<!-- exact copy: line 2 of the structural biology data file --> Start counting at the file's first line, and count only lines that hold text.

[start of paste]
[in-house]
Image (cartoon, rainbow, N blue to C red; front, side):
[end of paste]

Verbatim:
Image (cartoon, rainbow, N blue to C red; front, side):